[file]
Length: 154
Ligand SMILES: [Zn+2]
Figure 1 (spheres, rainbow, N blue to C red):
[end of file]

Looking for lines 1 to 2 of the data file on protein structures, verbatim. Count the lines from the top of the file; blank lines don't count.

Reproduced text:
Length: 154
Ligand SMILES: [Zn+2]